Commentary: On Lead and IQ

By Susan Goldhaber MPH — Mar 10, 2022
This article, which complements the one by my colleague Chuck Dinerstein, discusses the broad findings of a provocative study that ties IQ loss directly with childhood lead exposure. The study estimates that 90% of the children born between 1950 and 1980 had clinical concerning blood lead levels, resulting in decreased IQ levels. Certainly, these results will cause great concern among us baby boomers, and some might even say that this finding helps explain many of the world’s problems.
Image courtesy of conmongt on Pixabay

If you wish to catch up, Chuck Dinerstein's article can be found here

In this article, I will address two issues: 1) Does this study represent an example of using a group of studies to boot-strap to a conclusion? (boot-strapping means to advance an idea to achieve a specific objective), 2) How reliable is IQ as a measure of intelligence?     

IQ and Lead Study

The current study of the effect of lead on cognition concludes that a total of 824,097,690 million IQ points were lost because of childhood lead exposure among the US population by 2015, an average of 2.6 IQ points per person.

The study estimated the number of people living in the US in 2015 who had various blood lead levels as young children, before, during, and after the era of leaded gasoline. The estimate was made using data from the US Census, statistics on leaded gasoline consumption, and data from the National Health and Nutrition Examination Survey (NHANES) from 1976 to 2016. The result showed that, for children born between 1976 and 2016, banning lead in gasoline resulted in a significant decline in childhood blood lead levels. For adults born between 1950 and 1980, the researchers estimated greater than 90% of the population had blood lead levels > 5 µg/dL, the current “acceptable” standard.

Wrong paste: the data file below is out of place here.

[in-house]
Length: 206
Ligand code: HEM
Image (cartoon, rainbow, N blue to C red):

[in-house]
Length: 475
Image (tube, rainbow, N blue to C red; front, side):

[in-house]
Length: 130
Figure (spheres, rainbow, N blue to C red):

The study then linked the data on blood lead levels with loss of IQ points using data from a 2005 study. This analysis grouped results from seven international studies on IQ and blood lead levels. The study examined 1,333 children from the US, Mexico, Australia, and Yugoslavia and concluded that

  • an increase in blood lead levels from 2.4 to 10 µg/dL resulted in a decline of 3.9 IQ points
  • curiously, increases in blood lead levels from 10 to 20 µg/dL resulted in a decline of only 1.9 IQ points and increases in blood lead levels from 20 to 30 µg/dL resulted in a lesser reduction of 1.1 IQ points  

This result violates one of the key premises of toxicology – that increasing the dose increases the response. As no explanation was provided for this, it questions the validity of the study.

Study Details

The seven international studies were quite dated, most being done earlier, during the 1980s. I had great difficulty trying to match up the results of each of the studies, as given in their individual reports, with the summary analysis of the 2005 study. For example, the study set in Rochester, New York, reported that the children were tested for IQ at 3 and 5 years of age, while the 2005 table said that the children were tested at 6 years of age. It was the only US study to show a decrease in IQ at blood lead concentrations below 10 µg/dL - an estimated overall loss in IQ for each increase in the lifetime average lead concentration of 1 µg/dL of -1.37 points. There were other issues